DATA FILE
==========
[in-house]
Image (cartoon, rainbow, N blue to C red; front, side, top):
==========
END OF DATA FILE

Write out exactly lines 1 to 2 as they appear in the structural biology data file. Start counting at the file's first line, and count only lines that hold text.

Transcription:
[in-house]
Image (cartoon, rainbow, N blue to C red; front, side, top):